This past week, the Northern State University Theatre department headed out for KCACTF in Des Moines, Iowa, for a solid week of pure, no-holds-barred theatre.
This festival, the Kennedy Center American College Theatre Festival, is an annual event that glorifies and celebrates every aspect of theatre. There are 8 regions and Northern State’s region, Region 5, consists of the upper/middle Midwest and is also the largest region in the US. The week long festival consists of endless competitions, workshops, and network-building activities for students to participate in. These competitions cover every facet of theatre from acting and singing, dancing, playwrighting, directing, dramaturgy, and many more.
This year, Northern had the honor of sending four theatre students compete in what are known as the Irene Ryan Awards, named for the famed actress of the show The Beverly Hillbillies. This acting competition pits the best actors each college has to offer against one another in order to win the available scholarships. Scholarships are available at the regional, as well as the national, level.
The students who competed from Northern were Christine Powers, Haley Hubbard, Taylor Bogue, and Seth Honerman. While none of them made it on past the preliminary rounds, the experience of performing for such an audience that this competition imparts is invaluable to all who compete.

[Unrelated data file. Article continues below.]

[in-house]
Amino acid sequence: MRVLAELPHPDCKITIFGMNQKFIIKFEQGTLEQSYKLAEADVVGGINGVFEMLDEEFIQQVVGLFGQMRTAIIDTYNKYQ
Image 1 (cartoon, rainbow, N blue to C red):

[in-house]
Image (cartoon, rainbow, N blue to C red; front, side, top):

Although no one moved on in the Irene Ryan’s, another competition at KCACTF, the Student Directed Scenes Showcase, proved to be quite a different story.
Seth Honerman put together a scene from Carol Churchill’s play, Love and Information, and made it all the way to the final round of the competition. This is the first time in the history of Northern that anyone attending KCACTF has made it into the final round of any of the difficult competitions.
Honorman and his actors, Tyler Lanam, Shelby Glover, John Cassens, Joshua Hinkemeyer, and Christine Powers, began rehearsing this scene about a month ago after Christmas break ended. Clearly their hard-work over the past month was worth the effort!
The other main attraction at the festival is the myriad of workshops that are offered by professionals and professors from all over the country. These workshops range from lighting and design to improvisation to choreography and everything in-between.
There was even a workshop called Drag 101, which was so well received that there is talk of doing a student drag show during next year’s festival.
Beyond the competitions and workshops, the most beneficial aspect of this festival is the ability for students to network. Networking is an incredibly important part of landing a job or gig after graduation. Giving students these sorts of opportunities to help them succeed post-Northern is something that will come to benefit participants in the years to come.